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Chantilly porcelain

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Title: Chantilly porcelain  
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Subject: Mennecy-Villeroy porcelain, Saint-Cloud porcelain, Porcelain, Ciquaire Cirou, Rouen manufactory
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Chantilly porcelain

French porcelain

Chantilly plate 1750-1755.

Chantilly porcelain is French soft-paste porcelain produced between 1730 and 1800 by the manufactory of Chantilly in Oise, France.


The Salon des porcelaines, Château de Chantilly.

Outbuildings were purchased in March 1730 on the banks of the small river Nonette near the extensive park of his château de Chantilly by Louis Henri de Bourbon, prince de Condé, the prince of the blood exiled from Court who founded the factory.[1] At this period, the capital investment required for establishing a porcelain manufactory was so extensive that a royal or aristocratic patron was essential; only in Britain was early porcelain manufacture capitalized by the merchant class. The elite wares of Chantilly were intended to compete with Saint-Cloud porcelain, a pioneer among French soft-paste porcelain manufactures,[2] and other small manufactures at Mennecy, under the protection of the duc de Villeroy, as well as with imported Meissen porcelain and Chinese porcelains.

Unlike the "Saxon" porcelain produced at Meissen, kaolin was not amongst the raw materials of the Chantilly body [3]

First period: Chinese and Japanese designs (1725-1751)

Condé was an avid collector of East Asian porcelains, both Chinese and Japanese, and his Chantilly manufactory's first decade of output showed the marked influence of Arita porcelain, particularly in the "Kakiemon" palette of soft iron red and blue-green, seen in the tea pot at left[4]

Decorative vases and magots for the chimneypiece[5] were produced, and useful wares included delicately modelled rococo tea-pots and cream jugs, coffee-sets or cabarets complete with their trays, covered tureens, bourdaloues, plates and cups,[6] down to porcelain flowers to incorporate in chandeliers and knife-handles.[7]

A patent granted to the factory in 1735 by Louis XV specifically describes the right to make porcelain façon de Japon, "in imitation of the porcelain of Japan;" its reference to ten years' successful experiment on the part of Ciquaire Cirou (ca 1700-1751)[8] is the basis for dating the factory's origins to 1725, found in many sources.[9]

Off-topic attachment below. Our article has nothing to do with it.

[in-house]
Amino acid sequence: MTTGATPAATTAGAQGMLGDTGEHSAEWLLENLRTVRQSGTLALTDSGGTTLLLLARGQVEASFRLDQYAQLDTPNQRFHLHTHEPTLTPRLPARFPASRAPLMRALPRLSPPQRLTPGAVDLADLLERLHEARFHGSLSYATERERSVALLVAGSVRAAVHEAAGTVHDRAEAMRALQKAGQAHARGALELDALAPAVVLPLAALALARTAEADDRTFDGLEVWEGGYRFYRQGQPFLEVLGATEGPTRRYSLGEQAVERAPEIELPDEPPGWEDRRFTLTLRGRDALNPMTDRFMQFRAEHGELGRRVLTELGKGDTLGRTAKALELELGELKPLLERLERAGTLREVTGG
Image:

At first the body of the ware was covered with an opaque tin-glaze like that used for faience, providing a clean white ground for the sparse decors in enamel colors. Later a slightly yellowish clear lead glaze was employed.

The prince de Condé died in 1740, after which the factory was forced to support itself, and reduced its ambitions.[10] The manager of the factory, until his death in 1751, remained Ciquaire Cirou; under his care Chantilly produced its most characteristic porcelains, which were so valued by collectors in the 19th century that many successful fakes were produced by makers such as Edme Samson, reproducing the famous underglaze factory mark of a hunting horn.[11]

Intermediate period (1751-1760)

Potters from Chantilly were induced to move to Vincennes, initiating the porcelain manufacture that would receive royal patronage at Sèvres and absorb the French market for porcelain of the highest refinement; letters patent of 1752 granting a monopoly to Vincennes of polychrome decors further reduced Chantilly's scope.[12]

Late period (1760-1800)

Chantilly soft-paste porcelain plate, 1753-1760.

The factory at Chantilly produced some wares in the Vincennes-Sèvres taste but, especially after its sale in 1781 by Dame Adam, was in rapid decline towards the end of the Ancien Régime, squeezed between the competition of Sèvres at the high end of the market, and, after the Anglo-French commercial treaty of 1788, by Wedgwood cream ware for table wares. Its manager, the Englishman Christopher Potter, bought it in the early stages of the French Revolution (1792),[13] but it closed shop in 1800.In fact, Potter set up two different manufactures, the first one early 1792 and the second in 1795.[14]

See also


  1. ^ Geneviève Le Duc, Porcelaine tendre de Chantilly au XVIIIe siècle, Paris, 1996, the first full-length monograph.
  2. ^ Its precursor was the porcelain manufacture of Rouen: see M.L. Solon, "The Rouen Porcelain", The Burlington Magazine for Connoisseurs 7 (May 1905:116-124).
  3. ^ Metropolitan Museum of Art: "French porcelain in the eighteenth century"; W.B. Honey, French Porcelain of the 18th Century, London, 1950.
  4. ^ Metropolitan Museum of Art, acc. no. 50.211.121: A large Chantilly jar, ca 1735–40 copies a Japanese form and Kakiemon coloring; .1730, acc. no. 1944.228caCleveland Museum of Art: Tea set,
  5. ^ Such as .1740, acc. no. 1947.62caCleveland Museum of Art: Seated Chinese with a Pot, .
  6. ^ John Fleming and Hugh Honour, Dictionary of the Decorative Arts, 1977 s.v. "Chantilly porcelain factory".
  7. ^ William Chaffers, Marks and monograms on pottery & porcelain s.v. "Chantilly".
  8. ^ Cirou had probably gained his expertise at Saint-Cloud; where he was a painter; in 1728 he was working in rue de la Ville l'Evêque (The Grove Encyclopedia of Decorative Arts, s.v. "Chantilly: Porcelain").
  9. ^ E.g. Hodder Michael Westropp, Handbook of pottery and porcelain, 1880; Old and Sold: "Chantilly China 1725-1789" etc.
  10. ^ J. Paul Getty Museum: "Chantilly Porcelain Manufactory"
  11. ^ 1900caReproduction of a Chantilly teapot, Edme Samson et Cie., Paris,
  12. ^ by Gordon Campbell, p.223The Grove encyclopedia of decorative arts
  13. ^ Potter's purchase marks the end of the period covered by Le Duc 1996.
  14. ^
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